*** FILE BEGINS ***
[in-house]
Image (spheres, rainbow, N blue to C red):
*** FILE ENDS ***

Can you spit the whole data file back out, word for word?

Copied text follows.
[in-house]
Image (spheres, rainbow, N blue to C red):